“I’m not here to punish a J.V. agent who tried to ruin my life for chasing a little tail. I’m here to do my job.”
– Sanford Harris

Fringe Division is under investigation by Sanford Harris, a man whom Olivia once prosecuted for sexual assault. He’s back with a personal vendetta against Olivia, and it’s up to Fringe Division to prove him wrong.

Over the past few months, Olivia has had to work doubly hard to prove herself. Her romantic involvement with the (apparent) traitor, John Scott, is more or less public now, and she must demonstrate that despite her lapse in judgment with regards to her choice of lover, she is still a competent FBI agent.

But Harris won’t make it easy for Olivia. He blocks her at every turn, and even forbids her from investigating her own kidnapping. Luckily for her, though, the rest of Fringe Division is willing to back her up. Charlie is supportive, as he usually is, but even Peter wants to find out who Olivia’s kidnappers were.

Peter: “What I want to know is what they wanted from you.”
Olivia: “Who cares about me? I want to know who’s next.”
Peter:I care about you.”

It’s a significant moment for both Peter and Olivia. For Olivia, it’s the realization that someone not in her immediate family is worried about her, that she can have a real impact on someone else’s personal life. Ever since the (apparent) revelation that John Scott had betrayed her, she had felt that she couldn’t form a real connection with anyone, so she needed to have confirmation that it was indeed possible. For Peter, a nomad who resists forming human connections that aren’t transient, it’s the first explicit articulation that he has started to care about people aside from his father, that he has started putting down roots in Boston. Unfortunately, Peter backtracks immediately afterwards by saying, “If we can figure out why they needed you, then maybe we can figure out who’s next,” but the sentiment remains: Peter cares, and Olivia is cared for.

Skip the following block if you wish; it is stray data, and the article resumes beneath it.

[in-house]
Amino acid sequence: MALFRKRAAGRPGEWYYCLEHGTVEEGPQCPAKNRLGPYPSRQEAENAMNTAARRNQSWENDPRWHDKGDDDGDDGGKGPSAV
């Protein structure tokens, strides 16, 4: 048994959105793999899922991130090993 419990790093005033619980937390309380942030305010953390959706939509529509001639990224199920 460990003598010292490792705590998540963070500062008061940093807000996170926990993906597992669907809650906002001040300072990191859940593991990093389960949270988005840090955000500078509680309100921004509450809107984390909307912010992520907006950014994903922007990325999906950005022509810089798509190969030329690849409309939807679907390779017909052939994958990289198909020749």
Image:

Broyles is also willing to stand up for Olivia. He has come a long way since the Pilot, now asserting to Harris that Olivia “has been nothing but an exemplary agent.” He sees through Harris’ empty claims of Olivia’s incompetence, and he doesn’t wish to have the important work of Fringe Division sacrificed for the sake of one man’s irrational vendetta. More than that, though, he actually does care about Olivia, as demonstrated by his insistence that she get some rest after finally nabbing Mitchell Loeb.

With Sanford Harris on the scene, Olivia’s professional life may be in turmoil. But there is at least some comfort in her personal life. Olivia’s sister, Rachel, and her niece, Ella, have come for a visit. They’re her anchors to normalcy, blissfully unaware of the kind of dangerous work that she does as an FBI agent. It’s interesting that this is the episode in which we’re introduced to Rachel and Ella, because it provides a juxtaposition between Olivia’s family and Fringe Division: while Olivia receives support from her sister and niece, she also receives it from Peter, Charlie, Walter, Broyles, and Astrid. Just like the family she has at home, Fringe Division is starting to develop into a makeshift family of its own.

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